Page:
The 17th in the series of…
20 Secret Blogging Tips in 20 Days
It’s so close, you could almost hold your breath to the end. Check out the bottom of this post to see the rest.
Let’s start out by defining each, then showing you how to add either, and then I’ll share what I think may be the best for your site.
Ready? Let’s go!
Yes, a Plugin is different from a Widget.
Let’s start with the PLUGIN
According to WordPress, “Plugins are tools to extend the functionality of WordPress.” Well, that definition pretty much sucked. Here’s my definition:
A WordPress Plugin is a small bit of code (program) that you can easily add to the existing WordPress code.
So a plugin is like a small program that you can tack on to the bigger program (wordpress). I say easily add as in all it takes is an upload and a click to activate. When you do, that code generally creates or makes something happen in your blog. Often times that thing the Plugin does isn’t visible to the public. My site runs a bunch of plugins. Currently 30! Often times I’m testing out new ones. Most sites I build need 10 or so to get started.
Of the 30 plugins I’m running right now, 19 do things you’ll never see. Plugins like Akismet. Of the 11 others, most create a widget.
Ok, so what is a WIDGET?
Forget trying to find a good definition.
Simply, a Widget is a box or container that can hold something.
That box could be on your site’s Homepage, Header, Footer, Sidebar or within a post. What goes in that box could be as simple as text, or as complex as a script. You’ll find your Widgets in your Dashboard > Appearance > Widgets
Once there, you’ll see all the available boxes (widgets) on the left. These either came from WordPress, your theme, or thePlugins you’ve added.
On the right is the areas of your theme that you can drag and drop the available widget into. Different themes have different areas. It’s advanced stuff but a developer can add new areas if desired to an existing theme.
Simple as pie!
Let’s get fancy.
There’s this one widget called “text”. It’s going to be your new best friend (as far as widgets go). Drag that little guy into any area and you can put most anything you want in it.
Have a Facebook Page and want to have a Like Box on the sidebar? If you have the code from Facebook…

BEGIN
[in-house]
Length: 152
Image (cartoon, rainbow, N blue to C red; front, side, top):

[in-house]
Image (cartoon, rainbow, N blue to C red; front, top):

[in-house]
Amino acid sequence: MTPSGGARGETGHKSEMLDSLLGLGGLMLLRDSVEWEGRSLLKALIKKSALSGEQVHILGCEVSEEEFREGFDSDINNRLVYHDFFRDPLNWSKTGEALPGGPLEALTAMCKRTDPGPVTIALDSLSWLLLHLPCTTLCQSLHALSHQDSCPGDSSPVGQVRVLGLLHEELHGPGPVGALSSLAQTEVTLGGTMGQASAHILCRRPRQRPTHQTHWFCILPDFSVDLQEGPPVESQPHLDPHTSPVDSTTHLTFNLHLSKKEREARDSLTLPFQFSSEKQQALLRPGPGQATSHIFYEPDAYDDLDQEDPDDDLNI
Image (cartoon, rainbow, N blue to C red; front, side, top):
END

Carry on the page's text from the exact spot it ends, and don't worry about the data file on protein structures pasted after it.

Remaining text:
Have a video from YouTube you want to put on your site? Grab the embed code (make sure to get the right size) and do the same thing with a text box. You’ll find the embed code under the video in YouTube > Share > Embed
You can also use a Text Box for exactly that… Text.
BONUS: You can put in simple text and let your theme’s css style it for you or if you are really spiffy you can style it right there with a little inline css. That’s the css I put in a sidebar text box that makes my phone number BIG and RED.
Ok so what PLUGINS do I need?
Ahhhh, finally we get to the meat of the post! Took us long enough eh?
First of all, you can find some wonderful plugins in the WordPress Plugin Directory. The good news is that everything in the depository is free (how cool is that?). The bad news is that some of these plugins are out of date, don’t work with your theme, don’t work with the current version of WordPress, or are generally crap. That said, most of them are great. There’s a review system and even a support system (somewhat) in the directory. Don’t get too excited though. Remember that you paid ZILCH for the plugin here which means the developer also made NADA for his hard work. Which is why sometimes a plugin developer builds one and then abandons it. You get what you pay for – right?
There’s also people out there building “premium” plugins. These are plugins that you pay for. Why pay for them? Chances are they do more, do better, or have real support behind them. I use several paid plugins on the sites I build. I also use quality free ones from the directory.
So what do you need? Well that depends on your site, it’s focus and the theme you plan on using. I’ll give you a short list of what I would start with.
Downloaded 15,155,476 times
- WordPress SEO by Yoast
Downloaded 5,057,939 times
- NextGEN Gallery
Downloaded 7,466,832 times
- Better WP Security
Downloaded 797,603 times
- Google XML Sitemaps
Downloaded 10,408,931 times
- W3 Total Cache
Downloaded 2,330,208 times
Downloaded 4,106,940 times
- Google Analytics for WordPress
Downloaded 4,699,922 times
You can see by the number of downloads these are pretty popular. These are all free from the depository and should work well with most any site. Some of them require a little more technical knowledge to set up and some are downright simple.
As for the Premium Plugins, depending on your needs, I can recommend Gravity Forms, Backup Buddy, and if you need a CDN, Amazon’s CloudFront to get you started. Some of the free plugins I mentioned above also have a more robust paid version with additional features (like WPTouch).
So now you know the diference between a Plugin and a Widget and what they do – right? Go dress up your blog but remember there’s a reason we all left MySpace. (sometimes less is more)
Ready for a killer wordpress website? Click HERE. Read the rest of the series…
[listly id=”5A5″ layout=”full”]
Latest posts by Mike Mueller (see all)
- 2MT: How many themes are ok to have in your WordPress Install? - January 16, 2018
- What type of content can you put up on your site? - January 10, 2018
- Who Are Your Next Customers? - December 20, 2017